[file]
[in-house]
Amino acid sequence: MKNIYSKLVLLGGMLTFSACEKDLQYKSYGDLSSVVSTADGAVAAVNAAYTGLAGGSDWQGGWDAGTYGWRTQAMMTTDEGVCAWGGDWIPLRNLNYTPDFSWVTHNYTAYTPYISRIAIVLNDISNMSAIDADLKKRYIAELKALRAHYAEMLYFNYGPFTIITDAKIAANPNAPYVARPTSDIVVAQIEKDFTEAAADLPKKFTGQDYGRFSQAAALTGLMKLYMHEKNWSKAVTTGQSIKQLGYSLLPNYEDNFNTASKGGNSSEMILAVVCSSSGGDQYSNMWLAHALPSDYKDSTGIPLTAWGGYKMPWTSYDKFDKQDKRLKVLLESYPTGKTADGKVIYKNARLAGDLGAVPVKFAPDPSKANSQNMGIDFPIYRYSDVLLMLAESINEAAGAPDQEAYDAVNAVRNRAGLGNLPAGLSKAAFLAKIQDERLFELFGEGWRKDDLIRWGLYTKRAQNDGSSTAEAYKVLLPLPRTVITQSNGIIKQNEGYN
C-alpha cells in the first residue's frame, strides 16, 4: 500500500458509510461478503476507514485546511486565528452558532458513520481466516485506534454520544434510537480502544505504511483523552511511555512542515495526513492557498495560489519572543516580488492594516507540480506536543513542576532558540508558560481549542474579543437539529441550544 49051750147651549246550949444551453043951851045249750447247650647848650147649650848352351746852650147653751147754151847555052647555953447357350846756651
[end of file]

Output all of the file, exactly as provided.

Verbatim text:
[in-house]
Amino acid sequence: MKNIYSKLVLLGGMLTFSACEKDLQYKSYGDLSSVVSTADGAVAAVNAAYTGLAGGSDWQGGWDAGTYGWRTQAMMTTDEGVCAWGGDWIPLRNLNYTPDFSWVTHNYTAYTPYISRIAIVLNDISNMSAIDADLKKRYIAELKALRAHYAEMLYFNYGPFTIITDAKIAANPNAPYVARPTSDIVVAQIEKDFTEAAADLPKKFTGQDYGRFSQAAALTGLMKLYMHEKNWSKAVTTGQSIKQLGYSLLPNYEDNFNTASKGGNSSEMILAVVCSSSGGDQYSNMWLAHALPSDYKDSTGIPLTAWGGYKMPWTSYDKFDKQDKRLKVLLESYPTGKTADGKVIYKNARLAGDLGAVPVKFAPDPSKANSQNMGIDFPIYRYSDVLLMLAESINEAAGAPDQEAYDAVNAVRNRAGLGNLPAGLSKAAFLAKIQDERLFELFGEGWRKDDLIRWGLYTKRAQNDGSSTAEAYKVLLPLPRTVITQSNGIIKQNEGYN
C-alpha cells in the first residue's frame, strides 16, 4: 500500500458509510461478503476507514485546511486565528452558532458513520481466516485506534454520544434510537480502544505504511483523552511511555512542515495526513492557498495560489519572543516580488492594516507540480506536543513542576532558540508558560481549542474579543437539529441550544 49051750147651549246550949444551453043951851045249750447247650647848650147649650848352351746852650147653751147754151847555052647555953447357350846756651